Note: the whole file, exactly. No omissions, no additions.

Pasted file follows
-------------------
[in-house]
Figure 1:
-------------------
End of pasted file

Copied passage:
[in-house]
Figure 1: